Here’s where things get bad. After Deo reported the threat to Twitter, Twitter deleted the Twitter account belonging to the member of the “Furry Raiders”. She also contacted the RMFC, which we will describe by quoting directly from Rolling Stone:

“In January, Deo reached out to the RMFC board via Twitter and sent an email to their security team to report the threats, she tells Rolling Stone through Twitter. There was no response until April 3rd when she received a letter from Kendal Emery aka Kahuki, a board member of MAAAC and RMFC, who personally sent a cease and desist letter to Deo’s house.”

And who is Kahuki? He’s the original founder and former chairman of the board of directors of the Rocky Mountain Fur Con. But why isn’t he still the RMFC chairman? Apparently, he was removed from the position in 2008 after it was revealed that Kahuki (a.k.a., Kendal Emery) has a felony conviction in 1993 of Criminal Sexual Contact with a Minor. As for the letter that Kahuki sent to Deo, he attempted to make it appear to have been written by an attorney by listing a non-existent law, use of incorrectly spelled Latin and threats against her home. It also contained “dog-whistle” language and a red finger print indicative of a government-known racist group known as “Sovereign Citizens”.

According to the Southern Poverty Law Center, members of “Sovereign Citizens” believe they “get to decide which laws to obey and which to ignore”, are “rooted in racism and anti-Semitism,” and do “acts of deadly violence”.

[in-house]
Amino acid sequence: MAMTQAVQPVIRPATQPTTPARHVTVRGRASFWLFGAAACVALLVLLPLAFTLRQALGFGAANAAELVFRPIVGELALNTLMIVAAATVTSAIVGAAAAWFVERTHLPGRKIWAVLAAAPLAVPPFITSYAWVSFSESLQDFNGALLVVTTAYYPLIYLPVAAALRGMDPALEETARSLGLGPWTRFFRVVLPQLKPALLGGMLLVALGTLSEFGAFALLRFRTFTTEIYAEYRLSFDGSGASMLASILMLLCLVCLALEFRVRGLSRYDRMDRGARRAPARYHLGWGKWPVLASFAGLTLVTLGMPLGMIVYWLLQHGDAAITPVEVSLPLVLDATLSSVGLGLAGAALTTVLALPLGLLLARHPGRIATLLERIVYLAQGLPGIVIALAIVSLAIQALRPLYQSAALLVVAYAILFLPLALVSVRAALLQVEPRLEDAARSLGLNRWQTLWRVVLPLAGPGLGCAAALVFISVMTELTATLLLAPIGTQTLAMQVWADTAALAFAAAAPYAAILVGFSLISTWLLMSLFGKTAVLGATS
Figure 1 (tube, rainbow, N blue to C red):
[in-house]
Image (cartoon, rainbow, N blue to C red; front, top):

In response, Deo not only contacted police in her home state and a Colorado attorney, she went public with the letter on April 10, 2017. This is the day that the RMFC board of directors learned about the letter and chose to cancel the event.

Folks, we can only say this: please leave your personal beliefs and politics out of costuming & cosplay. When it comes to symbolism used in custom costumes, using highly controversial and potentially upsetting political or religious symbolism or something that closely resembles it in a costume is really not a good idea. This is why costume clubs don’t permit politics & religion in their groups. It only leads to problems.

As for what lead to the cancellation of Rocky Mountain Fur Con 2017, you will have to use your own judgement as to who to believe in this complicated situation. Regardless of who is believed, several thousand furries have lost a convention, which is highly unfortunate as it’s not the only furry convention to disappear recently. This is what happens when the negative acts of a few destroy something for the many. As we’ve posted before, there are no winners when it comes to cosplay drama.

Costuming Community Drama

Referenced Articles: